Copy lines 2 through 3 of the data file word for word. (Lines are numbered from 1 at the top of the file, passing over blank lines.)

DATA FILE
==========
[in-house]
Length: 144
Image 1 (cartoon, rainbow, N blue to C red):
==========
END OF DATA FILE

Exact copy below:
Length: 144
Image 1 (cartoon, rainbow, N blue to C red):